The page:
Wayne Rice used to tell a story and I read somewhere that it was true:
Back in the 1800s, a young Englishman traveled to CA in search of gold. After several months of prospecting, he struck it rich. On his way home, he traveled through New Orleans, where he came upon a crowd of people all looking in the same direction. . . . He heard “Sold!” just as he joined the crowd. A middle-aged black man was taken away in chains.
Next, a beautiful young girl was pushed up onto the platform and made to walk around so everyone could see. The bidding began… over the sound of vile jokes and comments that betrayed the wicked intentions of the men in that crowd.
Just before the final call, this young miner—from a land that had outlawed slavery years before—this young miner yelled out a price that was exactly twice the previous bid—an amount that exceeded the worth of any man. The crowd laughed in derision.
The girl walked down the steps of the platform until she was eye-to-eye with the miner. She spat straight in his face and through clenched teeth she said, “I hate you!” . . . The miner, without a word, wiped his face, paid the auctioneer, took the girl by the hand, and walked away from the still-laughing crowd.
He seemed to be looking for something in particular, as they walked up one street and down another. Finally, he stopped in front of some sort of store. The slave girl did not know what type of store it was . . . but she saw the miner argue with the clerk and dump the rest of his gold onto the counter.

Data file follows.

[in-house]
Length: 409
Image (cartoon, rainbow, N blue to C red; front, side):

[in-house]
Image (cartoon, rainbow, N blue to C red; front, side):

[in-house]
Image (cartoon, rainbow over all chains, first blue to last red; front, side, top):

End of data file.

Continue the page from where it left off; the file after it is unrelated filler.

She looked away as the miner came out the door. Stretching out his hand, he said to the girl, “Here are your manumission papers. You are free.”
The slave-girl did not look up. He said, “Here. These are papers that say you’re free. Take ‘em..”
“I hate you. Don’t tease me.” She cried.
“I’m not” he answered.
The girl looked at the papers, then looked at him. “You just bought me . . . and now, you’re setting me free?”
“That’s why I bought you . . . to set you free.”
And then at that, so the story goes, she dropped to her knees weeping… then, clutching his muddy boots, the girl looked up at the miner and said, “All I want to do, all I will to do, is serve you!”
He elected her… and she elected him… in freedom.
Now I don’t know if that’s a true story, but it would be true if
- The miner was the King…
- And the slave girl was a harlot…
- And she didn’t just hate the miner but crucified the King…
- And so the King didn’t just pay with gold, but with blood—His own life blood…
It would be true if Jesus were the miner, and the slave girl was you, for that’s the way Jesus chooses you, and sets you free, to choose Him too.
This devotional was prepared by Kimberly Weynen, Peter Hiett’s assistant. It’s a compilation of excerpts from a sermon by Peter entitled “The Election (The Beautiful Thing IV)“. To read, watch or listen to the sermon in its entirety click on the sermon title.